Rugby's golden boy gets dressed up in Topman and reveals all about the England squad's locker room antics
Topman Generation: Chris Robshaw (England Captain) called the amazing win over New Zealand the best day of his life. How does it rank for you?
Chris: It’s definitely in the top five. The Australia game from 2010 is up there but I think this one shades. New Zealand hadn’t lost in a year and we were the only team to get the better of them. I sure they were a bit tired because it’s been a long year and they do a lot of travelling but still, it was a great win and good to do it with that group of lads. We don’t have much experience so to get wins like that stay with you and can only be good for you going forward.
Topman Generation: You scored in an amazing eight-minute flurry of tries against the All Blacks but I must say time slowed down a little bit when you went for the “Ash Splash”. (Ashton often swan dives when he goes over for a try) I’m sure you’ve been asked plenty of times but when did you first do it?
Chris: The first time I did was by accident against Wales in the 6 Nations in 2010. I didn’t realize what I was doing; I was just diving over the line and sort of spread out. I scored the first try of the 6 Nations in my first international tournament and I was just happy it happened. Scoring tries is a great feeling and when you’re about to score tries it’s a little explosion. The same thing for the New Zealand game – I had a little dry spell in scoring in International Tests and I did think about what I’ d next time I scored. In the end, scoring was such a release for me it just happened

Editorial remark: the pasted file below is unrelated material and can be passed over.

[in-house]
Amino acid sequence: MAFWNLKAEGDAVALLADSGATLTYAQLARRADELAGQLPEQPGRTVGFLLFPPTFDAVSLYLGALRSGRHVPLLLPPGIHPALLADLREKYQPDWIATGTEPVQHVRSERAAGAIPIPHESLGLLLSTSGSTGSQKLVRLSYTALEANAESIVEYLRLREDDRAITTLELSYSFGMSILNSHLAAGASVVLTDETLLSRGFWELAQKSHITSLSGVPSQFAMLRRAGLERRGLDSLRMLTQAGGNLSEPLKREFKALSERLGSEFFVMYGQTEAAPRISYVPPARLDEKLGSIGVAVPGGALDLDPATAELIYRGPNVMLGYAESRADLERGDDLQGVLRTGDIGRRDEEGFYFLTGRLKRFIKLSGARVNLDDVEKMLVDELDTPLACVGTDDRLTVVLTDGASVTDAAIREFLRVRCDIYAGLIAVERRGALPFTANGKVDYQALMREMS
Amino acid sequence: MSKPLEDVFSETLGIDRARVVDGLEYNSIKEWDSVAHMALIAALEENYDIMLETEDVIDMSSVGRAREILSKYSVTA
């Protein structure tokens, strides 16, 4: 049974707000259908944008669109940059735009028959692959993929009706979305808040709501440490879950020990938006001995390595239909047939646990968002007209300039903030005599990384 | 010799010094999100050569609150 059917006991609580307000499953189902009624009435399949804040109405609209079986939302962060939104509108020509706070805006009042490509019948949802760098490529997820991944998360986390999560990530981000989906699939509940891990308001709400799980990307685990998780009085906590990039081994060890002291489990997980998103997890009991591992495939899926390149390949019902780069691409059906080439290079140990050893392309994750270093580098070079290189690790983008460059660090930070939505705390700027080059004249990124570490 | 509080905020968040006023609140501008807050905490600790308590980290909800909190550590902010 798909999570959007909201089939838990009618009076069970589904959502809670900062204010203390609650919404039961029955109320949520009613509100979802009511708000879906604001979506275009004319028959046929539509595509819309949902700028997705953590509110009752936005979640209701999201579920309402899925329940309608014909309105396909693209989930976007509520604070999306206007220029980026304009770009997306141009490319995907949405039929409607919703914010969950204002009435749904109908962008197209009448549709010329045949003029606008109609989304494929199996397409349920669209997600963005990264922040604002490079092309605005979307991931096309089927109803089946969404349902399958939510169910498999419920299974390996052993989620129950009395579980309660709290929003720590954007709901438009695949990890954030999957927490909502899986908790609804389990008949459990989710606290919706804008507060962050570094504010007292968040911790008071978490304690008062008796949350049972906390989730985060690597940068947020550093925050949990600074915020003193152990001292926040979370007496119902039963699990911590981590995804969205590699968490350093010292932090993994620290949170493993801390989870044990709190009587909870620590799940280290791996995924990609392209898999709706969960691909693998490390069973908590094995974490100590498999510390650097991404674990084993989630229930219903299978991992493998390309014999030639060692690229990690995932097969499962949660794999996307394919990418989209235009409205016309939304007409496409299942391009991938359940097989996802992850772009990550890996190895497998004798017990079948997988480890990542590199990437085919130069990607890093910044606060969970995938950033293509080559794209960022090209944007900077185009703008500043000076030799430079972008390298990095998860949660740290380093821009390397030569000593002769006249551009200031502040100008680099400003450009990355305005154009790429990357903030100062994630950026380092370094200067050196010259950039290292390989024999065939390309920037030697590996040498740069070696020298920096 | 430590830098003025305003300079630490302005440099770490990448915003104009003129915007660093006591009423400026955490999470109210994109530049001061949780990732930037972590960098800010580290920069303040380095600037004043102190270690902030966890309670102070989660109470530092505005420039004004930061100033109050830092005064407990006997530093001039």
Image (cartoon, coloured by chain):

Topman Generation: A lot of sports people are superstitious. Do you have a lucky pair of pants or some other pre-match ritual?
Chris: My superstition is not having a superstition! I try to mix things up and do things differently but I think that technically is a superstition.
We went to Australia and I was sick all over the bus after too many shandies, some doors had been broken in the hotel and all kinds of madness occurred.
Topman Generation: Now you've been on tour a fair few times. When was the first time you had to apologise or give a coach driver some money for wrecking the place?
Chris Ashton: It was probably under 18s at rugby league. We went to Australia and I was sick all over the bus after too many shandies, some doors had been broken in the hotel and all kinds of madness occurred.
Topman Generation: And have you pulled any pranks while on tour?
Chris Ashton: Recently we strapped one of the physio’s bikes to the ceiling. He used to come to work everyday on his bicycle so one day we taped it to the ceiling, it took him hours to get him down! We wasted a lot of physio tape on that one but it was worth it! We’ve had one of my mate’s eyebrows off before; his mum and dad weren't too happy with us after that one. They tried with me once but I woke up straight away.
Topman Generation: You took a hefty punch from Manu Tuilagi last year and impressively stayed on your feet. You’ve got a strong chin, ever considered boxing?